The finished Earth Elemental;


One of the many nice things about the Reaper Bones line is that they all come with an integrated base, many with interesting textural details. In this case I thought his base was a little small so I built a 60mm diameter base out of three layers of cardstock and added some extra rocks to the base.

Everybody here has been finished using the polyurethane dip and matt coat finishing method.

Tale of Two Skinks, part 2

Finally got back to painting after the wild rumpus of spring wound down. I’m an Auditorium Technician for the school district so I hop around designing lights and running sound for theatrical events, dance shows, concerts and recitals. Springtime is huge for us with every school doing their final productions of everything, and banquets, and speechifying evenings, and then all of the community groups come rolling in to do their performance. And I’m involved in a Historical Recrudescence Guild at the Renaissance Faire; I work as a woodcarver/carpenter demonstrating medieval carving and construction techniques and frightening small children with the disturbing and demented puppet heads I carve. But hey, that’s all calmed down so I can paint again and possibly get back to my papermodel designing.

When last we checked in on our intrepid skinks one had been primed white, the other black. The black primed one had then had a white drybrush applied to it’s raised surfaces. They both then had a nice coat of yellow laid on for their skin base. The first thing I noticed was that the white primed one was definitely brighter. I finished their other colors and dipped them in tudor satin polyurethane. They’ve been lightly sprayed with a matt coat in the following pictures but they do need one one more spray to even out the shine.


I like a lot of the color effect of the black primed with white drybrush, but to my eyes the white primed one is brighter. Simpler too as I have about sixty of these minis that I’ll be painting up and the black primed with white drybrush is pretty labor intensive. I’ll reserve that technique for more important minis; leaders, heroes, and special troops that I want to stand out from the rank and file.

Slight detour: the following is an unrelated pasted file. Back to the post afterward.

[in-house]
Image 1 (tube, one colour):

Edit: For some reason WordPress recommended a tag label of “DNA Profiling”….I have no idea why. I’m going to start sneaking that phrase into more of my posts though.

More Runts

My older brother and I have been churning through my pile of unpainted 40K Gretchin minis the past few weeks, he painted 15 and I painted 8 so that puts me up to 63 painted Gretchin. My goal is to finish all of the unpainted Gretchin on my table, which would put me over 100.

And what an absolutely useless army that would be. ๐Ÿ˜€

We both started from a black primer coat and did the skins in basic goblin green color; he did his solid and I dry-brushed mine on to keep the shading in the recesses. I went for solid color fills with a very small subdued palette-mostly browns, metal, little blue, little off-white. My brother used oranges, yellows, reds, metals, blue and purples with ink washes* (green, orange and yellow) to darken or brighten the base colors.

Once we both had our basic colors finished they were all dipped in Tudor Satin polyurethane stain, allowed to dry overnight then matt-sprayed to knock off the shine.

You can paint on top of matt spray as it is clear acrylic, can’t paint on top of un-matted polyurethane though-the paint slides around a lot.

Then they all received the same highlight mix; Equal parts white, green and yellow drybrushed onto the raised portions of the models skin. Then yellow dots for eyes, a little flock for their bases, and voila –


The rets of the Gretchin Horde will have to wait a bit as I am switching over to finishing some Lizardmen and some palm trees terrain.

*The inks that we use are from the original Citadel shipment to the USA in 1988. A little ink goes a long ways. ๐Ÿ™‚

Red & Green (but not Christmas)

My brother are cranking out a bunch of Gretchin/Runts/Gobbos for a Warpath intro game this week and I wanted a leader for the rebellious Runts faction. I dug through the unpainted lead pile and found the Red Gobbo from GorkaMorka. The first pic is the completed base colors. I try to make sure everything is neat and clean at this point, haven’t done any drybushing or highlighting as he’s about to get dipped.


He gets dipped in tudor satin polyurethane stain and set aside for about 12 hours. I made sure to thin the dip on his scarf while the dip was wet with a brush dipped in mineral spirits.


Once he’s hardened and dry I flock his base, matt coat him to knock the shine off and seal the flocking, do a few highlights, and matt spray him again. You can paint on top of the clear acrylic spray, painting on top of the polyurethane sealant doesn’t work too well.


He’s ready to command his legion of Runts!

Hopefully I’ll have an AAR later this week with some thoughts about actually playing the Warpath rules and how they feel different from 40K.